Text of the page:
(Pexels)

Increased demand for COVID-19 testing nationally continues to slow turnaround times and thwart contact tracing efforts.

Sustained demand for testing continues to slow turnaround times at public testing sites and thwart contact tracing efforts even though Austin officials are reporting positive trends in COVID data.


The number of COVID-related hospital admissions and daily new confirmed cases are plateauing and indicate recent policy changes—including a state masking mandate and local park closures—are curbing transmission, local officials said.

"This is refreshing news," Austin-Travis County Interim Health Authority Dr. Mark Escott said at a press conference on Wednesday.

But Austin Public Health continues to limit access to its free testing service to residents with symptoms or known exposure to the virus even as its capacity has increased dramatically—88% in the month of July.

The department is now conducting more than 6,000 tests a week. "This is roughly double the testing that we did just a few weeks ago, so we're very proud about that," Dr. Escott said Tuesday.

Turnaround times are holding steady—at around five to seven days for tests conducted by APH, according to Chief Epidemiologist Janet Pichette—but are still long enough that patients may recover by the time they learn their results.

"The purpose of testing at this stage is to contact trace, to isolate, to box it in," Dr. Escott said, but he added that current delays render this strategy ineffective.

These issues are not unique to Austin.

Quest Diagnostics, one of the country's largest clinical labs, reported an average turnaround time of a week or longer in a July 20 press statement.

"While some patients may receive their test results in as quickly as 2-3 days, a small subset of patients may experience wait times of up to two weeks," the company wrote.

Quest attributed the delay to increased demand for testing, which it said is highest in the South, Southwest and Western regions of the U.S.

(Capital Metro)

Rendering, Project Connect station

The Austin City Council on Friday unanimously approved a measure to add to the November ballot the massive $7.1B "Project Connect," a 20-year overhaul of Austin's transit system that would include a new light rail and "rapid bus" lines.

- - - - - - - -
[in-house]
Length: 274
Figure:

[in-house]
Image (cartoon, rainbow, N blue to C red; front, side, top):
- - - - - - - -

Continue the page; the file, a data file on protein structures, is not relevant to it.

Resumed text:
The council plans to add it to the ballot in a formal order next week, members said. Then it's up to voters to decide whether to approve it.

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(Tito's Handmade Vodka)

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(Austonia/Instagram)

Life was so sweet for live music junkies living in the Live Music Capital of the World—up until the venues closed, the stages went dark, and the world of Austin music closed down.

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The Austin Justice Coalition created a jingle—"No Confidence in You"—in service of its campaign to get Austin Police Department Chief Brian Manley to resign.

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(Kevin Ludlow)

The petition, if validated and approved by voters this November, would have reinstated a city ban on public camping.

The group behind a petition to put a citywide public-camping ban on the November ballot in Austin said Thursday that they were "engaging a highly respected local Democratic litigator" in their efforts to fight a city ruling earlier in the week that their petition did not enough valid signatures.

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(screenshots)

David Frost, 22, filmed Austin protester Justin Howell (left) being carried to medics after being shot in the head by an Austin police officer. Other officers then shot at the protesters as they approached, causing them to duck (right).

David Frost, 22, had never attended a protest before the Black Lives Matter demonstrations in May. Then the cell phone-wielding Austinite became a key player in a series of events that touched off major change in the Austin Police Department.

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